Sen. Tom Carper sent a letter to President Donald Trump on Sept. 8, urging him to support recently revoked or suppressed initiatives designed to help communities prepare for the growing threats posed by extreme weather events and climate change.

Since taking office, Trump has revoked Barack Obama-era executive orders promoting extreme weather resiliency and focused efforts on questioning climate science versus planning for the impacts of our changing climate.

“While our country debates how to address climate change, rising sea levels and extreme weather events are no longer a matter of debate, becoming the new norm and placing extreme burdens on the American people and economy,” Carper wrote. “As seen most recently with Hurricane Harvey, the impacts of extreme weather events are devastating, resulting in lives lost and imposing long-term economic costs.”

The costs for communities to recover and rebuild from these events are adding up: For Hurricane Harvey alone, the governor of Texas estimates a cost of up to $180 billion, which is more than the GDPs of Delaware, Maine and South Dakota combined, and more than the budget for the U.S. Navy. The National Oceanic and Atmospheric Administration has reported that since 1980, the costs of extreme weather events in the U.S. has exceeded $1.2 trillion, and such events costing $1 billion or more have doubled (on average) in frequency over the past decade. For these reasons and more, the Government Accountability Office has listed climate change as one of the top fiscal risks facing the country.

“With a little extra planning — combined with prudent, targeted investments — the federal government can help save lives, livelihoods and taxpayer dollars. These are a few examples of actions the federal government can take today to make our communities safer for tomorrow. The recent events in Houston and the impending impacts from Hurricane Irma are reminders that our country can no longer delay. We must better prepare our communities, making them more resilient in the face of a new climate reality. I stand ready to work with you and your Administration to address these issues,” Carper wrote.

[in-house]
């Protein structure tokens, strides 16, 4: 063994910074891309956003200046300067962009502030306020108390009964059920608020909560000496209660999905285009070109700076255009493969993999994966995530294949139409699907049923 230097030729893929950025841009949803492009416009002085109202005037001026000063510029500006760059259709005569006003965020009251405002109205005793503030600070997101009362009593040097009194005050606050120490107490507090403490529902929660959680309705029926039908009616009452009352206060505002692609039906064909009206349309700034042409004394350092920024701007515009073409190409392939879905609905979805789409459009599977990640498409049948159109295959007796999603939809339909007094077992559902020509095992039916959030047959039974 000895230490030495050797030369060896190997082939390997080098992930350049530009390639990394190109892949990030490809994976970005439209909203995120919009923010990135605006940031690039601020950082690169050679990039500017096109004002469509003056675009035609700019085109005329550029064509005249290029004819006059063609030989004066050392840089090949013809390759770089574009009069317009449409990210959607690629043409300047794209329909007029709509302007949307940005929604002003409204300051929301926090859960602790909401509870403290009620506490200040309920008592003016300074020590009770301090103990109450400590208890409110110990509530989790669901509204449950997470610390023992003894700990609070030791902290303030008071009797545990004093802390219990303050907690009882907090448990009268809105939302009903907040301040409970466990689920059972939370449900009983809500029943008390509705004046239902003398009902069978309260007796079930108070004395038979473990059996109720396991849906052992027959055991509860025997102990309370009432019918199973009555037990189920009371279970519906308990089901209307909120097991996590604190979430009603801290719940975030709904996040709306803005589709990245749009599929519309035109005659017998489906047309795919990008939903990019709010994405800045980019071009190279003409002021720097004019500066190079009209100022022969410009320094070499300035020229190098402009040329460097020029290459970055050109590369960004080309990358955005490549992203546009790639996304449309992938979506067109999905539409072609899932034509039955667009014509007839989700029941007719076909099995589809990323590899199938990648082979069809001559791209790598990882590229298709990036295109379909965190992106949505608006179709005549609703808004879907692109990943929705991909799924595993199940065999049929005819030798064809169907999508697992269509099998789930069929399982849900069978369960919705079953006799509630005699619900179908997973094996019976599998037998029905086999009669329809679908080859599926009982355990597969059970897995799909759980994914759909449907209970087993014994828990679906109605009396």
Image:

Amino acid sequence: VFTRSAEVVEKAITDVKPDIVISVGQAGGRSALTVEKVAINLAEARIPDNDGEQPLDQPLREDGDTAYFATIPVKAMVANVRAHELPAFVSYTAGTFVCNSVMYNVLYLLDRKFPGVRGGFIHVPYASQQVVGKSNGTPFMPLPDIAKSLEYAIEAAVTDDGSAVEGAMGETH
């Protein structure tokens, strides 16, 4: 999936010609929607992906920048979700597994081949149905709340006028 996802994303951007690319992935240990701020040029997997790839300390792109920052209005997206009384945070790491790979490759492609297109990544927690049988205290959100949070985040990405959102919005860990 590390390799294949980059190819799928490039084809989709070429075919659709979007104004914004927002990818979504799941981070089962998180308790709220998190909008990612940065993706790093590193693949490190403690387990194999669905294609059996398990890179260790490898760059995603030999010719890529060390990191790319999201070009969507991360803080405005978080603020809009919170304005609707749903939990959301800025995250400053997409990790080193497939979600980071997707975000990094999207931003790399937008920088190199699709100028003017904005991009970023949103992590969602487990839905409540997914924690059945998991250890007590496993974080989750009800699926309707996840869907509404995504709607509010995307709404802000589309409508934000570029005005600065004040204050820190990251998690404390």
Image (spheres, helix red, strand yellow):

Specifically, Carper urged President Trump to:

— Reinstate and fund agency actions on climate preparedness and resiliency, which provided tools for American communities to “strengthen their resilience to extreme weather and prepare for other impacts of climate change,” including provisions to help communities hit by extreme weather events to rebuild smarter and stronger to withstand future events.

— Reinstate the Federal flood risk management standard, which provided a flexible framework to establish a new flood risk management standard for federally funded projects.

— Release the Fourth National Climate Assessment and Extend the Charter for the Advisory Committee for the Sustained National Climate Assessment, which helps communities understand and plan for the near-term and future risks of climate change.

— Hold a red team/blue team exercise on climate preparedness, not on climate science, to assess the nation’s structural vulnerabilities to the expected impacts of climate change.

The text of the letter is available at